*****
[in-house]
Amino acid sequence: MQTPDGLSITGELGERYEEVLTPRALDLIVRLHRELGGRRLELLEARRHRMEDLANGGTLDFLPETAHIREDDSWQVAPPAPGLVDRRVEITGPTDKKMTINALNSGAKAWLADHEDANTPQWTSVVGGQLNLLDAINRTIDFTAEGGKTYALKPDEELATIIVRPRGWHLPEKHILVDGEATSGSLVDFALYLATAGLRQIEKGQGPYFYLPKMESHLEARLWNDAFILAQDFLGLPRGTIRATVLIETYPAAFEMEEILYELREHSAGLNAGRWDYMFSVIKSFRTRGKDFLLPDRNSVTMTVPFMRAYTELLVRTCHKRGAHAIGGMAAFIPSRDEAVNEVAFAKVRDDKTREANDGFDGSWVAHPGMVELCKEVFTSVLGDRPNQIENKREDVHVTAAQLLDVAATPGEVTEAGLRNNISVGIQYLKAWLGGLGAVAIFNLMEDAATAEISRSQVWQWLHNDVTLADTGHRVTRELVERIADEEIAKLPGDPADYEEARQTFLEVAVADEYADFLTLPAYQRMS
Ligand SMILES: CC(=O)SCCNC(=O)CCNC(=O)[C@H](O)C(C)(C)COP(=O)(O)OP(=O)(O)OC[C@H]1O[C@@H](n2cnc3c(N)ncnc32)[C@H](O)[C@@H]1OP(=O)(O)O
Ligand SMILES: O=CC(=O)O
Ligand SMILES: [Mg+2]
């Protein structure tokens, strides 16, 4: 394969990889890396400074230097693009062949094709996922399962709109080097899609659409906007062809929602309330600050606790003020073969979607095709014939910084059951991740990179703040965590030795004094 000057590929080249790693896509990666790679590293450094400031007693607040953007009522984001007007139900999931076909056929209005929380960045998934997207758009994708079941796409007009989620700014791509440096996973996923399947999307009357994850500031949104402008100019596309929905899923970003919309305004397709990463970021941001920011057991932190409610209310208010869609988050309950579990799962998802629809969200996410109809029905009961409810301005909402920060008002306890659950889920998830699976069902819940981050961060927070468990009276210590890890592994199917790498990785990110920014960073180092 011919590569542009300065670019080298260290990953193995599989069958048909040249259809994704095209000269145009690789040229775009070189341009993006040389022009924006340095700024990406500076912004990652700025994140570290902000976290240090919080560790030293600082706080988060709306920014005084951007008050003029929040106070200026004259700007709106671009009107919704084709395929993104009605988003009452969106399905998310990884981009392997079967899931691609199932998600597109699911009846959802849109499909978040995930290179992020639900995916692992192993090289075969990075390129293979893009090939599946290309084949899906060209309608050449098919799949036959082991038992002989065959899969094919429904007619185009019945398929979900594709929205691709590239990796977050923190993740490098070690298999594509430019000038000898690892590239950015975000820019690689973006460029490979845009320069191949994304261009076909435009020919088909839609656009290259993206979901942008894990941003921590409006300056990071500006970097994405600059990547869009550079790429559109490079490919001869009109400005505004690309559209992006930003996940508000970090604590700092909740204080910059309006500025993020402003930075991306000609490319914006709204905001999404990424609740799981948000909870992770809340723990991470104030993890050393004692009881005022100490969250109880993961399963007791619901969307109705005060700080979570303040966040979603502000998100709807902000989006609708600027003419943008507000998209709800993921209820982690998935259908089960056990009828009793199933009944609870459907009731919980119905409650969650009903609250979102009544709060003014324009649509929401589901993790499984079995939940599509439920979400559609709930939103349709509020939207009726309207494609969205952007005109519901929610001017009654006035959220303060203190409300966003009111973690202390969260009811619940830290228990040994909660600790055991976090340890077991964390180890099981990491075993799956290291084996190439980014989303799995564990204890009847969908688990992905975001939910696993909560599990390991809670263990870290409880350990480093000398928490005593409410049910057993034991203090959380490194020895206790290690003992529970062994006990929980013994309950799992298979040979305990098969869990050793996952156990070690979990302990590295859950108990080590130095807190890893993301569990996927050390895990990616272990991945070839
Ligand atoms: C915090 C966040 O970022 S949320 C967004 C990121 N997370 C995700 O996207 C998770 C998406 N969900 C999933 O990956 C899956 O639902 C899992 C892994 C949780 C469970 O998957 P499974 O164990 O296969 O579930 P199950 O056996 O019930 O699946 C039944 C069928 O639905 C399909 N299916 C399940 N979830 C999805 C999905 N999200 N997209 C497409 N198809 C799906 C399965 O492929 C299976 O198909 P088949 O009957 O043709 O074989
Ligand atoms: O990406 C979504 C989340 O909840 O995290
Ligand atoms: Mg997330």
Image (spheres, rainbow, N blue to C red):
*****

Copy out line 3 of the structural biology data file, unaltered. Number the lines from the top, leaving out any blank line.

Ligand SMILES: CC(=O)SCCNC(=O)CCNC(=O)[C@H](O)C(C)(C)COP(=O)(O)OP(=O)(O)OC[C@H]1O[C@@H](n2cnc3c(N)ncnc32)[C@H](O)[C@@H]1OP(=O)(O)O